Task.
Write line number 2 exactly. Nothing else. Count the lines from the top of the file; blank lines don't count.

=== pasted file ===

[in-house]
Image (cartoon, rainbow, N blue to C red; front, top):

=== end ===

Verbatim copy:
Image (cartoon, rainbow, N blue to C red; front, top):